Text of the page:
House Panel OKs Anti-Spyware Bill


WASHINGTON — Calling for penalties of up to $3 million, a House subcommittee
unanimously approved anti-spyware legislation Thursday, which requires that consumers
be given clear and conspicuous notice prior to downloading the Web traffic
tracking software.


H.R. 2929, or the Securely Protect Yourself Against Cyber Trespass Act (SPY Act),
also includes provisions to prohibit unfair or deceptive behavior,
such as key-stroke logging, computer hijacking and the display of
advertisements that cannot be closed.

The bill now goes to the House Energy and Commerce Committee. Similar
legislation is pending before the Senate Commerce Committee.


“I think this will become public law sometime before the end of this year
and protect the privacy of millions and millions of Americans,” said Energy and
Commerce Chairman Joe Barton (R-Texas).


In April, Barton was critical of the
Federal Trade Commission (FTC) for not doing enough to halt the spread of
spyware and vowed to pass tough legislation this year that would “cure this
cancer on the Internet.” The FTC maintained no new laws are necessary, because the
unauthorized use of spyware qualifies as a deceptive trade practice.


Consumer and privacy advocates are concerned about the growing number of
spyware programs that often piggyback on downloaded files,
report back Internet traffic patterns to advertisers and generate unwanted
popups.


The passage of the bill in the Subcommittee on Commerce, Trade and Consumer
Protection comes one day after EarthLink and Webroot
Software released a report that claims more than 500,000 system monitors and
Trojan horses were discovered from approximately 1.5 million scans completed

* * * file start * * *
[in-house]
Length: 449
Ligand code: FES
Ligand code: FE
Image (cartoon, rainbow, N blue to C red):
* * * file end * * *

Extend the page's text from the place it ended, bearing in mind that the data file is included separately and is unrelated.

this year. Overall, the scans found 27.5 spyware programs per computer.


“Spyware continues to spread and plague legitimate computer users,” Rep.
Cliff Stearns (R-Fla.), chairman of the subcommittee, said. “This rapid
growth makes passing the legislation before us even more critical. This
legislation will directly target the advancing spread of spyware and provide
strong protections for all computer users’ rights to privacy.”


The bill requires anyone who is not the owner or authorized user of a
computer to provide an opt-in screen prior to transmitting or enabling any
information collection program, which can
collect personally identifiable information or information about Web sites
visited.

Stearns said the legislation “has been carefully crafted to avoid impacting
legitimate uses of the same technology that enables spyware, including
technology like parental Internet monitoring software used to track
children’s Internet usage or enhanced customer security for certain
websites.


“Our goal was to produce a bill that was not overly
prescriptive, specifically directed at egregious practices and which also
preserved legitimate uses of the technology,” added Stearns.


Rep. Mary Bono (R-Calif.), who originally introduced the legislation, said, “We are one
step closer to restoring safety, confidence and control to consumers when
using their own computers.”


In the disclosure notice required under the proposed law, the SPY Act
requires consumers be informed of the type of information the software
collects or sends or the purpose for which the information is collected or
sent. The bill also requires that spyware that the consumer consents to download
must be easily uninstalled “without undue effort or knowledge” on the part
of the computer user.

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